I've started "fall cleanup" by cutting down the clematis. Even though the 'Betty Corning' is not supposed to be cut down, it looks so raggedy that I can't help myself. I'm wondering if I paid more attention to shaping and training it in the summer, I could prune it properly and not have it trying to take over everything in its vacinity.

Regarding indoor gardening, I have not been having much luck. I wanted to transplant the dracaena that I have been rooting in vermiculite, but, huh, no roots. It looks fine but nary a root has appeared. Maybe I'm overwatering it? I also tried starting some herbs, but so far I have only a couple of basil seedlings, no dill or thyme.

There is shoulder surgery in my future, once I get both doses of the Covid vaccine. I can't help to want to schedule it so that it does not interfere with gardening. Yes, I can hire someone to mow, etc., but my yard is my therapy - physical, mental, spiritual. Even if the pandemic continues, even if the country remains divided, even if domestic terrorism is on the rise, I can look forward to disappearing into the garden for some respite. Stay safe!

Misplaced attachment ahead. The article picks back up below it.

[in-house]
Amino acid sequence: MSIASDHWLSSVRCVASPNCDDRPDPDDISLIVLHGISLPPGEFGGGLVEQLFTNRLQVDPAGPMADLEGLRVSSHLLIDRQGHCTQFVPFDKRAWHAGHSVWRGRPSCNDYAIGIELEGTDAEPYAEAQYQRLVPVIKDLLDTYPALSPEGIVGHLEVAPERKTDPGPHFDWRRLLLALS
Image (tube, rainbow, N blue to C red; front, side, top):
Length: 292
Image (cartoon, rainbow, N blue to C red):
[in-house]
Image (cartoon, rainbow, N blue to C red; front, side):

Friday, January 01, 2021

Frightful weather for the new year

Time is an artificial construct, so it kinda bugs me when people make it sound like crossing from one artificial year to the next, on a particular artificial day at an artificial time is going to make a difference. And yet, a new year does feel newish, doesn't it? I'm just hoping today's weather is not a harbinger of things to come in 2021.

Flocks of robins have stripped the neighbor's ornamental pear tree of its fruit. Did you know that the fruit on hawthorn trees is called a haw and structurally is a pome, not a berry? Usually, the robins save the hawthorn fruit on my tree until late winter, but I noticed that most of it is gone, too. What are they going to eat now? Dried up pokeweed berries?

The seeds I ordered from Pinetree Garden arrived. I haven't been able to find my seed starting heating pad, though, so haven't planted them yet. I've been feeling rather lazy the past couple of weeks or so.

It looks like Indiana has fallen off the top twelve list of states with the most new cases of Covid per capita. The county I live in has changed from red to orange and held orange for two weeks, so some restrictions are being lifted. Not masks or social distancing, but things like how late bars can stay open; Hoosiers have their priorities, ya know. We'll see if the past weeks of holiday shopping and family gatherings change that. HNY!

Saturday, December 19, 2020